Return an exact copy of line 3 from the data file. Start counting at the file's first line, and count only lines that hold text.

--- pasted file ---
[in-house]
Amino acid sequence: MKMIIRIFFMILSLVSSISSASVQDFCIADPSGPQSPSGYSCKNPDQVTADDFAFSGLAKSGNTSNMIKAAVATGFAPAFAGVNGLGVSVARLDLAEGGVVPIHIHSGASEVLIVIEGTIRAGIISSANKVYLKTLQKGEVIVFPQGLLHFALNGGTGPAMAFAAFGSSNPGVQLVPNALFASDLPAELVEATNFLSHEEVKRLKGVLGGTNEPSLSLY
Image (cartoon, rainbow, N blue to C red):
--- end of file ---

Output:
Image (cartoon, rainbow, N blue to C red):